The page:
Philips 42PFL7666H review

Edge LED TV with Wi-Fi makes the case for Passive 3D

Philips 42PFL7666

Why you can trust TechRadar We spend hours testing every product or service we review, so you can be sure you’re buying the best. Find out more about how we test.

Philips 42pfl7666

Despite seeing the arrival - at last - of a Freeview HD tuner on a Philips TV, the 42PFL7666 also witnesses the debut of Easy 3D, the brand's stab at the cheaper, easier-on-the-eye format beloved of 3D cinema goers.

Let's pass over 3D for a minute and instead consider the Philips 42PFL7666's burgeoning online dimension, which is powered by Wi-Fi. Accessed from the set's fairly rudimentary user interface is Net TV, a screen studded with apps and an open internet browser.

Apps include BBC iPlayer, YouTube, Facebook, TuneIn Radio, Aupeo (another radio app), Picasa, Twitter, Acetrax and Box Office 365, among others. There's none of the polished approach of Sony or Samsung, and nor is there access to LOVFiLM or Demand Five, but it's a relatively fair choice nonetheless.

If you already have a backlog of digitised video, music and photos to get through, the Philips 42PFL7666's DLNA home networking will be just as attractive as Net TV. It's marketed as tying together all kinds of network devices including a PC or Mac, and even tablets and smartphones.

Philips 42pfl7666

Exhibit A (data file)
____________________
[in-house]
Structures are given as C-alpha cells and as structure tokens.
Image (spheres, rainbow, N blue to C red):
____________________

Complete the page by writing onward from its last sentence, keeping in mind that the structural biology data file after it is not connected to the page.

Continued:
It's all true, although it boils down to something rather less ambitious; straightforward networking of video, music and photo files, while the Philips 42PFL7666's user interface can be navigated using apps on an iPhone or Android smartphone or tablet.

The Philips 42PFL7666 can also record live TV to a USB stick, although the residual feature that enables you to pause and rewind TV will doubtless prove to be just as useful.

Ins and outs are fairly standard, including four HDMI inputs, a wired Ethernet LAN option and a Common Interface slot. There's also an optical digital audio output for attaching the Philips 42PFL7666 to a home cinema system, although its powerful 28W makes that less essential compared to almost all other flatscreen TVs.

While it would be wrong to call passive 3D a lower quality 3D system (we've seen some storming 3D performances from passive sets such as LG's 55LW980T), we remain surprised that Phillips has chosen it for some of its LED TVs.

3D, of course, is all about immersion, and the inclusion of Ambilight, here its Spectra 2 format (on the left and right sides of the TV only), certainly won't hurt in that regard, although it's really designed to prevent you getting tired eyes.

However, it's active shutter glasses that tend to make 3D a fatiguing experience, and we expect no problems with the two pairs of passive glasses in the Philips 42PFL7666's box. Each pair of 3D glasses comes in a small drawstring black felt bag, which weigh about the same as the flimsy glasses themselves.

Away from 3D is the powerful Pixel Precise HD processing engine. As well as offering - wait for it - four trillion colours, Pixel Precise HD also promises 500,000:1 contrast ratio, Super Resolution (an upscaling tech), HD Natural Motion and a 400Hz mode that Phillips calls Perfect Motion Rate. The latter two are designed to keep images free from blur and judder, and so retain their Full HD detail.

Jamie Carter

Jamie is a freelance tech, travel and space journalist based in the UK. He’s been writing regularly for Techradar since it was launched in 2008 and also writes regularly for Forbes, The Telegraph, the South China Morning Post, Sky & Telescope and the Sky At Night magazine as well as other Future titles T3, Digital Camera World, All About Space and He also edits two of his own websites, and that reflect his obsession with travel gear and solar eclipse travel. He is the author of A Stargazing Program For Beginners (Springer, 2015),